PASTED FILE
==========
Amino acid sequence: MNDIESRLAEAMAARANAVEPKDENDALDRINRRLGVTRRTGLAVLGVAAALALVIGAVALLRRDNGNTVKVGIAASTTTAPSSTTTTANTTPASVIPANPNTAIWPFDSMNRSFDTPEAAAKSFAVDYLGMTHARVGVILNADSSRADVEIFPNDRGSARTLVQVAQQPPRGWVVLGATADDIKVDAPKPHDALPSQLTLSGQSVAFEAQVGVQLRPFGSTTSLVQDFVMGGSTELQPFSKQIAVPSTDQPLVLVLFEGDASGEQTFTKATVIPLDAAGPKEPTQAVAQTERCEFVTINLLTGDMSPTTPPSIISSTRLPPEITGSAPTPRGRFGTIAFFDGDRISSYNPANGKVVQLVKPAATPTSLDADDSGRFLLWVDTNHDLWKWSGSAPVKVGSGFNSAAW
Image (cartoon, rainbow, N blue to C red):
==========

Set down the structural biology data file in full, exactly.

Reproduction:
Amino acid sequence: MNDIESRLAEAMAARANAVEPKDENDALDRINRRLGVTRRTGLAVLGVAAALALVIGAVALLRRDNGNTVKVGIAASTTTAPSSTTTTANTTPASVIPANPNTAIWPFDSMNRSFDTPEAAAKSFAVDYLGMTHARVGVILNADSSRADVEIFPNDRGSARTLVQVAQQPPRGWVVLGATADDIKVDAPKPHDALPSQLTLSGQSVAFEAQVGVQLRPFGSTTSLVQDFVMGGSTELQPFSKQIAVPSTDQPLVLVLFEGDASGEQTFTKATVIPLDAAGPKEPTQAVAQTERCEFVTINLLTGDMSPTTPPSIISSTRLPPEITGSAPTPRGRFGTIAFFDGDRISSYNPANGKVVQLVKPAATPTSLDADDSGRFLLWVDTNHDLWKWSGSAPVKVGSGFNSAAW
Image (cartoon, rainbow, N blue to C red):